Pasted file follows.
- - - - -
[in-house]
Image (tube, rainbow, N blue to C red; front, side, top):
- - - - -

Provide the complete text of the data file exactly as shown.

[in-house]
Image (tube, rainbow, N blue to C red; front, side, top):